Reading With A Chronic Illness – Tips And Tricks

Pippa comfortably propped up on grey sofa, one leg bent up. Hair down, wearing red t-shirt and blue demin dungarees. Shelves of rainbow bookshelf (mostly blue and yellow) visible in background.

When you’re going through any kind of adversity, reading can be a lifeline.

Whether you’re craving pure escapism or seeking solidarity in stories that mirror your own, there are books out there that can give you exactly what you need, right when you need it. And I can only speak for myself here, but I truly believe my love of reading has shaped the person I’ve become.

The problem, however, is that when you’re dealing with a chronic illness, immersing yourself in the world of reading isn’t always straightforward. Brain fog and cognitive impairments make it difficult to concentrate, issues with memory make following plotlines and narratives more challenging, and even the simple act of holding a physical book open can be demanding on painful muscles and joints.

As somebody who has contended with all of the above issues in varying levels of severity over the years, I feel incredibly fortunate that my lifelong love of reading hasn’t been completely jeopardised by my condition. There was only a very small period of time where I wasn’t reading at all, but that alone made me realise how much of a privilege this very thing can be.

Now, you know better than anybody what your own capabilities are. The unfortunate truth of the matter is that even with all the advice in the world, reading simply won’t be possible for everybody with a chronic illness. However, with this post, I wanted to share a few tips and tricks to hopefully break things down for anybody looking to test the waters for themselves…

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  1. Find Books That Appeal To You

This one might seem like common sense, but choosing a subject matter that appeals to you is the perfect way to ease yourself in. Instead of opting automatically for the bestseller list or the books that everybody seems to be talking about, consider what would spark your interest. Would you prefer classic or contemporary reads? Fiction or non-fiction? Humour, romance, thriller, or another genre? Middle Grade, Young Adult or Adult? Is there a subject matter or theme that particularly appeals to you? Perhaps there’s a film or series you’ve enjoyed that was based on a novel? If you’re new to reading and feel daunted by the idea of tackling a full novel, consider starting off with a collection of short stories.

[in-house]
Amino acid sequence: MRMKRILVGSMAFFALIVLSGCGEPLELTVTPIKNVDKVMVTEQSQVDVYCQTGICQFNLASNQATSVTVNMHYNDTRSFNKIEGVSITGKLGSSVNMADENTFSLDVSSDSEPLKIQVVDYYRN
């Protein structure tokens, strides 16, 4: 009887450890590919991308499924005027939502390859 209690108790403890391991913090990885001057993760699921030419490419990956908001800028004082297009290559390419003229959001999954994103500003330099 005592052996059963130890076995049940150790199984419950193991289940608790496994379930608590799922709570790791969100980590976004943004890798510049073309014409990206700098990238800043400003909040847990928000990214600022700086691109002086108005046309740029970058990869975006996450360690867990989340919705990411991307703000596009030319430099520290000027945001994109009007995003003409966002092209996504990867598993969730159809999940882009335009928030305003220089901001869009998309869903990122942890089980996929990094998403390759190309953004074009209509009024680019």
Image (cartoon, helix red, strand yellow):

Use sites such as Waterstones* or Goodreads to search for books you’re interested in, or if you know you have similar tastes to bloggers or ‘Booktubers’, use their social media to see what they’ve been reading. If more than one book jumps out to you, I highly recommend creating an online or offline ‘To Read’ list that you can continually add to, so you have titles on standby for next time as well.

  1. Consider The Book’s Layout

Something that isn’t acknowledged as much as I feel it should be in the book world is that the layout of a book’s inside pages can have a significant effect on the reading experience. Pages comprised of a small font size, lack of spacing and essentially as many words as humanly possible crammed on to them is of course going to feel challenging with cognitive impairments, so my best advice would be to be conscious of this when choosing your reads.

Some of these elements can be adjusted manually if you’re using electronic reading devices (we’ll come to these shortly!), but if you prefer reading physical books, I’ve found Young Adult (YA) books to generally feel less overwhelming in their structure. It might even be worth considering different modes of writing. Sarah Crossan, for example, tells stories in verse: writing with a specific rhythm, meaning text is often broken down into much more concise sections than paragraphs would be. You can find a selection of Sarah Crossan’s books here*; you should be warned that both Moonrise and One shattered my heart into tiny little pieces.

  1. Read Little And Often

As a bookish person, I wish more than anything that I could settle down and read for hours and hours at a time, passing the afternoon lost in a whole other world. The unfortunate reality is that reading for sustained periods of time can present all manner of issues for chronically ill people. Again, brain fog can make it difficult to focus and cognitively process information (no matter how engaging the story is), and actually absorb the words on the page. Additionally, for those more severely ill, pacing and condition management may mean that only a few minutes of activity are possible at any given time, before rest is required again.